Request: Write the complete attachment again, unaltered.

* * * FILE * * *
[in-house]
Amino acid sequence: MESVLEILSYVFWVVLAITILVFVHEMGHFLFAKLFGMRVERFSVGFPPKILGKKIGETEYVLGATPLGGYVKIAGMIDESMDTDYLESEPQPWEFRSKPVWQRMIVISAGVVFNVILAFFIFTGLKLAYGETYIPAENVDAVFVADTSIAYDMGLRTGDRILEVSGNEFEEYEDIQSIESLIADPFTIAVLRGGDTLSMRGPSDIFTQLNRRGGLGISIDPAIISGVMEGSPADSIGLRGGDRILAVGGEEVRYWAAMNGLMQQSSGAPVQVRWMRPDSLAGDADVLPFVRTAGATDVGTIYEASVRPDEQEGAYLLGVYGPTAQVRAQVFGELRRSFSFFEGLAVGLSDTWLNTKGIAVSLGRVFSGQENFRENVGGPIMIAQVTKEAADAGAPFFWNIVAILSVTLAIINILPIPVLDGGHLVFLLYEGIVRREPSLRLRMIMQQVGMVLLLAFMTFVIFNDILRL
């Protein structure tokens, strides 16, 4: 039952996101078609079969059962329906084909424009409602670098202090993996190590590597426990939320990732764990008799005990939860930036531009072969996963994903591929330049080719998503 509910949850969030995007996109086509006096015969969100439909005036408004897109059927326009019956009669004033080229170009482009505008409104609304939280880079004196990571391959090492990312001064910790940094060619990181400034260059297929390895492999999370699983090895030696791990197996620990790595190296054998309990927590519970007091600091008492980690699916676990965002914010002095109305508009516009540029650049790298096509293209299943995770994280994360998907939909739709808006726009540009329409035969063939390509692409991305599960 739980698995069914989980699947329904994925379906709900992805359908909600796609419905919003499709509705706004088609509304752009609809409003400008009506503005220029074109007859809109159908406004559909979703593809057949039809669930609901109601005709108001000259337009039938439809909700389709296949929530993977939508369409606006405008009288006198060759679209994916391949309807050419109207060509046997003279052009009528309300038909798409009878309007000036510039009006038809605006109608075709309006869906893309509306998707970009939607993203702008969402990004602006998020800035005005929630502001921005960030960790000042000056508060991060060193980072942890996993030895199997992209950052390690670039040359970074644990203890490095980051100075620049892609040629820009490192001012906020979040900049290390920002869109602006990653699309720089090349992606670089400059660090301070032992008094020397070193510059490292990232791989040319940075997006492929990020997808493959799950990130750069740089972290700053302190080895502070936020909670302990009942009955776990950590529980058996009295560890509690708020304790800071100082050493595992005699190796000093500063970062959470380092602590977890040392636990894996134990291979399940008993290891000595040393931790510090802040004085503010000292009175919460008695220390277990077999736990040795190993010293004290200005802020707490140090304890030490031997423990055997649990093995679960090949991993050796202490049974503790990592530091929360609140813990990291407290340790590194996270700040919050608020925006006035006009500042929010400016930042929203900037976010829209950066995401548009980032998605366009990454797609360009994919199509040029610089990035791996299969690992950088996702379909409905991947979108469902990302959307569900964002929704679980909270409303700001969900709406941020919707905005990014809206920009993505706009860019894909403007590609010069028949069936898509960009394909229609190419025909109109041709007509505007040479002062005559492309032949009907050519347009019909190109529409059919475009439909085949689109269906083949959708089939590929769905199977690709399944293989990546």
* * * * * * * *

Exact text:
[in-house]
Amino acid sequence: MESVLEILSYVFWVVLAITILVFVHEMGHFLFAKLFGMRVERFSVGFPPKILGKKIGETEYVLGATPLGGYVKIAGMIDESMDTDYLESEPQPWEFRSKPVWQRMIVISAGVVFNVILAFFIFTGLKLAYGETYIPAENVDAVFVADTSIAYDMGLRTGDRILEVSGNEFEEYEDIQSIESLIADPFTIAVLRGGDTLSMRGPSDIFTQLNRRGGLGISIDPAIISGVMEGSPADSIGLRGGDRILAVGGEEVRYWAAMNGLMQQSSGAPVQVRWMRPDSLAGDADVLPFVRTAGATDVGTIYEASVRPDEQEGAYLLGVYGPTAQVRAQVFGELRRSFSFFEGLAVGLSDTWLNTKGIAVSLGRVFSGQENFRENVGGPIMIAQVTKEAADAGAPFFWNIVAILSVTLAIINILPIPVLDGGHLVFLLYEGIVRREPSLRLRMIMQQVGMVLLLAFMTFVIFNDILRL
């Protein structure tokens, strides 16, 4: 039952996101078609079969059962329906084909424009409602670098202090993996190590590597426990939320990732764990008799005990939860930036531009072969996963994903591929330049080719998503 509910949850969030995007996109086509006096015969969100439909005036408004897109059927326009019956009669004033080229170009482009505008409104609304939280880079004196990571391959090492990312001064910790940094060619990181400034260059297929390895492999999370699983090895030696791990197996620990790595190296054998309990927590519970007091600091008492980690699916676990965002914010002095109305508009516009540029650049790298096509293209299943995770994280994360998907939909739709808006726009540009329409035969063939390509692409991305599960 739980698995069914989980699947329904994925379906709900992805359908909600796609419905919003499709509705706004088609509304752009609809409003400008009506503005220029074109007859809109159908406004559909979703593809057949039809669930609901109601005709108001000259337009039938439809909700389709296949929530993977939508369409606006405008009288006198060759679209994916391949309807050419109207060509046997003279052009009528309300038909798409009878309007000036510039009006038809605006109608075709309006869906893309509306998707970009939607993203702008969402990004602006998020800035005005929630502001921005960030960790000042000056508060991060060193980072942890996993030895199997992209950052390690670039040359970074644990203890490095980051100075620049892609040629820009490192001012906020979040900049290390920002869109602006990653699309720089090349992606670089400059660090301070032992008094020397070193510059490292990232791989040319940075997006492929990020997808493959799950990130750069740089972290700053302190080895502070936020909670302990009942009955776990950590529980058996009295560890509690708020304790800071100082050493595992005699190796000093500063970062959470380092602590977890040392636990894996134990291979399940008993290891000595040393931790510090802040004085503010000292009175919460008695220390277990077999736990040795190993010293004290200005802020707490140090304890030490031997423990055997649990093995679960090949991993050796202490049974503790990592530091929360609140813990990291407290340790590194996270700040919050608020925006006035006009500042929010400016930042929203900037976010829209950066995401548009980032998605366009990454797609360009994919199509040029610089990035791996299969690992950088996702379909409905991947979108469902990302959307569900964002929704679980909270409303700001969900709406941020919707905005990014809206920009993505706009860019894909403007590609010069028949069936898509960009394909229609190419025909109109041709007509505007040479002062005559492309032949009907050519347009019909190109529409059919475009439909085949689109269906083949959708089939590929769905199977690709399944293989990546």